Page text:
Talks were scheduled to resume on Monday between the Writers Guild of America and the Hollywood movie studios and networks to work out a new contract and prevent a strike, according to media reports.
The Writers Guild and Alliance of Motion Picture and Television Producers met on Sunday, a day before the current contract is set to expire. The guild membership overwhelmingly approved a strike authorization last week.
The Los Angeles Times reported that progress was made in Sunday’s talks on sticking points between the union and the studios. One unnamed source told the Times the studio would increase its contribution to the guild’s health plan above the $60 million made in a previous proposal.
The guild is projecting that its health plan will operate in a deficit for the next four years, going from a projected -$13.2 million this year to a projected -$65.8 million in 2020.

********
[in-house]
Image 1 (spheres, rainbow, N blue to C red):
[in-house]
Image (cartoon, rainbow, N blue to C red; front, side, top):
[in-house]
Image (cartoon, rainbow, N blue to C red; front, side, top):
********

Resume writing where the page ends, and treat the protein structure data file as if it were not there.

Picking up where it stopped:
The Times also reported the studios increased offers on issues including the length of television seasons and writer exclusivity. The guild has been concerned over fewer episodes of television series which has reduced earnings for writers, the paper reported.
The guild last went on strike in November 2007 for more than three months. During that work stoppage one of the main issues was compensation to writers on content distributed by streaming to computers and mobile devices.